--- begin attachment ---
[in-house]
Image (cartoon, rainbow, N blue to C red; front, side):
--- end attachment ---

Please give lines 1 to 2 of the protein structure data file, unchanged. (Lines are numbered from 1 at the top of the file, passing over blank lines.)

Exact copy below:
[in-house]
Image (cartoon, rainbow, N blue to C red; front, side):